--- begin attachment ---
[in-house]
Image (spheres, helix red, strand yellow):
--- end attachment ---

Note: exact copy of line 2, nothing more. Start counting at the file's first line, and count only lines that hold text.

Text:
Image (spheres, helix red, strand yellow):